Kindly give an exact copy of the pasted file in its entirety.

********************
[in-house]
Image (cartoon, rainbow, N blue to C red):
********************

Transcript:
[in-house]
Image (cartoon, rainbow, N blue to C red):